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    SeaWorld argue virtues, demerits on planned expansion of orca habitat
    by DAVE SCHWAB
    Jan 16, 2015 | 27523 views | 0 0 comments | 4 4 recommendations | email to a friend | print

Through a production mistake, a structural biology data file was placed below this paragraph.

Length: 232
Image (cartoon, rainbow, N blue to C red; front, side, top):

The new orca enclosure at SeaWorld will be expanded by 350 feet across.
    The new orca enclosure at SeaWorld will be expanded by 350 feet across.